Despite the fact that the S&P has closed flat the last few days there is a lot that is going on under the surface.
We already know about small cap stocks and how much they have lagged. They have lagged for more than three months relative to large caps but it is only in the last few days that folks have become rather hysterical over it. The funny thing is there seems to be little consensus. Some think we should not fret while others say it portends bad things to come.
I say I think we'll see the lower end of that trading range in the ratio as support. But we rarely turn on a dime, it tends to develop, and it would be nice if it arrived when the indicators were all in an oversold condition (more on that below).
What you should know is that the breadth of the market has not made a new high in more than a month. Breadth tends to top out before the indexes do. At the 2000 high breadth topped out well over a year prior. In 2007 it topped about six months prior to the high. You can see there is no timing to it but it shows overall deterioration.
The number of stocks making new lows nearly doubled on Wednesday. Once again, I know many will say don't worry, it's all bond funds. I say interest rates matter so to ignore the fact that interest rate sensitive names are on the new low list is to ignore interest rates. I prefer not to rationalize the indicator.
If you want to look ahead though, the Hi-Lo Indicator is currently at 34%. I don't discuss this indicator very often because it does not say much except a handful of times. When this indicator gets down under 15% we are considered oversold enough to have a good rally. The last time it was down there was at the February low. So cheer on more new lows since that's the way this gets there.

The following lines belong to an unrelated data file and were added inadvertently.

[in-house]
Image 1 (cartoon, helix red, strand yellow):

The 30-day moving average of the advance/decline line is an intermediate term oscillator. Here too I do not discuss this often because it doesn't change often. As you can see it is heading into oversold territory after having had a series of lower highs on the overbought side since June.
Sentiment though is still complacent in my view. The Investors Intelligence bulls are 61.8%. I think that's high especially when the correction minded folks are now under 20%, the lowest they have been since 2012. The difference is that in 2012 the bears were at 30% which was down from bears at 48%. The bears are currently at 18.6% so what we have is few correction minded folks and few bears.
I say this is nothing that a whack in the market can't change. A whack would get the Oscillator oversold. A whack would get the Hi-Lo Indicator under 15%. A whack would probably bring out some put buying and get the VIX jumpy. Yet all we've been able to manage is a late day sell-off that takes us back to even.